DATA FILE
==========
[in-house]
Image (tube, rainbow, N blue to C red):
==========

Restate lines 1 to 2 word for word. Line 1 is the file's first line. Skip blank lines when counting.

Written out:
[in-house]
Image (tube, rainbow, N blue to C red):